Saturday, April 05, 2008

Yellow Labrador Retriever is Crazy for Food - part II

Subject: My yellow Labrador Retriever is crazy for food - part II

From: Electa (Canada)

Labrador Retriever Name: Furgus "The Hungry"

This is the second part of a two part e-mail from Electa. To read part one visit: Yellow Labrador Retriever is Crazy for Food - part I

All About Labradors Blog Answer:

Hello Electa,

The information given here is to help you learn more about your Labrador Retriever and not to replace your veterinarian's advice. Disclaimer

Thank you for your patients with the reply to you e-mail, as it takes me some time to try and answer the many e-mails I receive. I want to also thank you for the adorable photos of Furgus, he is just so cute.

Many different breeds of dogs will eat anything, be it edible or not. It just so happens that our lovable Labrador Retrievers are notorious for this.

There is a condition called Pica, which is an eating disorder where dogs eat non-food items.

Continue Reading...

You really have to be careful with Pica because the swallowing of these different objects can cause problems with the stomach, intestinal blockages, teeth, and gums, to name a few.

Experts have still not been able to deduce Pica's causes. There have been several theories proposed, but none of them have been proved or disproved. Here are some prominent theories that suggest the following causes to pica:

Curiosity - puppies will explore through taste and sense of smell. Continue the use of your "drop it" command, when you do observe Furgus chomping on something he's not suppose to.

Frustration: Frustration or anxiety could also result in nervous chewing of non-food objects. If this is the case, the causes of the frustration or anxiety will have to be identified and the behavior changed by using behavior modification techniques.

Attention-seeking behaviors - he's looking for more attention from family members, and is learning that picking up these objects will grab your attention.

Boredom - if Furgus is left alone for long periods of time (which I doubt in your case, because you are home with him all day) or lack of exercise.

Deficiency in nutrients - diet lacking in certain nutrients that the body needs.

Medical - diseases involving the nervous system such, diabetes mellitus, anemia, certain diseases of the liver, pancreas and gastrointestinal systems (among others).

My advise would be a visit to your veterinarian to make sure Furgus has no medical problems that may be causing him to eat everything in site. If you veterinarian rules out any medical problems you may want to visit an animal behaviorist for help.

Some things that may be helpful:

Plenty of exercise and play, long walks, runs, games of fetch. This will help tire him out. REMEMBER: a tired Labrador Retriever is a good Labrador Retriever.

Chew toys - Encourage Furgus to play with his chew toys, and when you have time play with him with his chew toys (it will get him further interested in the toys). I do recommend the Kong products here. They will keep Furgus busy for hours, especially the ones you fill with treats. They provide plenty of mental and physical exercise for Furgus. Just make sure you get the appropriate size for him.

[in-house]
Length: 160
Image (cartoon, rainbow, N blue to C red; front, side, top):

You may want to spread his feeding schedule out. Instead of feeding him once or twice a day (whatever your schedule is), you may want to spread it out throughout the day (same amount of food Furgus was getting, in smaller portions).

Here are a couple more websites that may be of help to you:

As for the grass, most Labrador Retrievers eat grass at some time. Some Labradors eat grass because they simply like the taste, some to settle or clear an upset stomach, and some will eat grass to provide further bulk to their diet.

Labrador Retrievers (all dogs in general) have been eating grass forever and I don't believe it has ever been proved that it is bad for them. What is very dangerous though, is anything the grass may have been treated with (insecticides, herbicides, or other chemicals). For this reason it is best to keep Furgus from eating it unless you know it hasn't been treated.

In regards to the reeds and purple flowers, as you already know, many plants and flowers are toxic for our Labrador Retrievers. I know you can't keep Furgus out of the water (Impossible), but please be careful. I have listed a couple websites to help with dangerous flowers and plants.

Hope this can be of help to you and Furgus. Please keep me advised of his condition, and if you do take him to your veterinarian, I'd be interested in knowing what they tell you (as will the readers of this blog).

If you have any further questions, don't hesitate to ask.

Take care of yourself and Furgus!



Allen, Dana G. Small Animal Medicine. Philadelphia: J.B. Lippincott Company, 1991

Reader's E-mail: Electa's Response:

Hi, thanks so much for your hard work to help me with this problem.

We have it under control (fingers crossed). I started making Furgus his food and he is doing so much better. His stool is harder, he doesn't counter surf hardly at all and his coat feels like silk. I can't say for sure it was the food we were feeding him as it is supposed to be a high quality food, but it was immediate the change in him.

Like a lot of solutions it was accidental. We had left his food at the cottage and it was later on a Sunday with nothing open, so I had little choice but to make him something. He loved my concoction and I don't mind making it.

thanks again
Electa and Furgus the full

Visit Furgus 04/05/08 to see some adorable photos.

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